# Multiple answers for the same limit expression?

So I was trying to find the limit of the following expression. $$\lim_{x\to 0} \frac{\tan x - \sin x}{\sin^3 x}$$ When using the L'Hospital's rule I got the answer $$\frac {1}{2}$$.

My steps: $$\lim_{x\to 0} \frac{\tan x - \sin x}{\sin^3 x}$$ $$=\lim_{x\to 0} \frac{\sec^2 x - \cos x}{3\sin^2 x \cos x}$$ $$=\lim_{x\to 0} \frac{2 \sec^2 x \tan x + \sin x}{6\sin x \cos^2 x}$$ $$=\lim_{x\to 0} \left(\frac{2 \sec^2 x \tan x}{6\sin x \cos^2 x}+\frac{\sin x}{6\sin x \cos^2 x}\right)$$ $$=\lim_{x\to 0} \left(\frac{1}{3\cos^5 x}+\frac{1}{6\cos^2 x}\right)$$ $$=\frac{1}{3}+\frac{1}{6}$$ $$=\frac{1}{2}$$

Edit: My steps are incorrect from the 3rd line onward as pointed out by @Fishbane in the comments

Just to check my answer I substituted $$x = 0.000000001$$ and so on, on my calculator just to be sure, but I got the result to be $$0$$. Believing it to be some kind of error I used WolframAlpha's calculator as well and got the same result, $$0$$.

What is the reason for this difference?

• Can you show your steps in arriving at the answer $1/2$? Feb 10, 2023 at 16:58
• sure, i'll edit my answer to include that. Feb 10, 2023 at 16:59
• As @RossMillikan points out in his answer, the culprit is numerical error (which would happen whether you used radians or degrees). To get around this, you can work with the expression a bit: $$\frac{\tan x - \sin x}{\sin^3 x} = \frac{1 - \cos x}{\sin^2 x \cos x}$$ From here, the trick is to multiply the top and bottom by $1+\cos x$, ultimately giving $\frac{1}{\cos x (1+\cos x)}.$ This addresses the numerical error, and also (presto!) you no longer need the sledgehammer that is L'Hôpital's rule. Feb 10, 2023 at 17:16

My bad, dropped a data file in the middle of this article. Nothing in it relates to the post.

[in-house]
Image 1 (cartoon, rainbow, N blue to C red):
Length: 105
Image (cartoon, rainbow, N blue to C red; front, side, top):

• It doesn't actually affect the answer but as far as I can tell your third line is incorrect (assuming you used L'Hospital). The denominator should be $6 \sin(x) \cos^2(x)-3\sin^3(x)$. Feb 10, 2023 at 17:23
• @Théophile You do not need to apply the trick: just use $\sin^2x=1-\cos^2x$ in the denominator. Feb 10, 2023 at 22:09

You are running into numerical error from the difference of two close numbers. For small $$x, \tan x - \sin x$$ is about $$\frac {x^3}2$$ by the Taylor series while $$\tan x$$ and $$\sin x$$ are about $$x$$. For $$x=10^{-9}$$ this is about $$0.5 \cdot 10^{-27}$$, which is $$18$$ orders of magnitude smaller than the terms you are subtracting. Due to the limited precision of computer numbers, the difference comes out $$0$$. Try with $$x=10^{-3}$$ instead and you get $$\frac 12$$ as you should from Alpha
• @Aditya For fun: let $f(x) = \frac{1}{1+\cos x}$ and $g(x) = \frac{1-\cos x}{\sin^2 x}$, for example. Mathematically, they are the same function, but numerically, one of them is much more stable. See what happens in your calculator with $f(0.000001)$ vs. $g(0.000001)$. You can manually calculate the numerator and denominator in each case to get an idea of what's happening. Feb 10, 2023 at 17:26